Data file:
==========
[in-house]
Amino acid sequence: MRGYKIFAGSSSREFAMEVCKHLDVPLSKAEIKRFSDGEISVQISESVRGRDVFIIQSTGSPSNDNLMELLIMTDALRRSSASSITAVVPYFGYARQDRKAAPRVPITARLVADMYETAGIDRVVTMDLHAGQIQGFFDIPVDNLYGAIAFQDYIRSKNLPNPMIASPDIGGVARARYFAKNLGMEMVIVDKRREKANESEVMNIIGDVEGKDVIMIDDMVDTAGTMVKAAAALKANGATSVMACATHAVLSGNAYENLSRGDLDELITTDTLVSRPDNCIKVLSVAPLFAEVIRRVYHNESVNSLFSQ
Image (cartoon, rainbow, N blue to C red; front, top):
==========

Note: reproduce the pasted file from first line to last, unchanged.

[in-house]
Amino acid sequence: MRGYKIFAGSSSREFAMEVCKHLDVPLSKAEIKRFSDGEISVQISESVRGRDVFIIQSTGSPSNDNLMELLIMTDALRRSSASSITAVVPYFGYARQDRKAAPRVPITARLVADMYETAGIDRVVTMDLHAGQIQGFFDIPVDNLYGAIAFQDYIRSKNLPNPMIASPDIGGVARARYFAKNLGMEMVIVDKRREKANESEVMNIIGDVEGKDVIMIDDMVDTAGTMVKAAAALKANGATSVMACATHAVLSGNAYENLSRGDLDELITTDTLVSRPDNCIKVLSVAPLFAEVIRRVYHNESVNSLFSQ
Image (cartoon, rainbow, N blue to C red; front, top):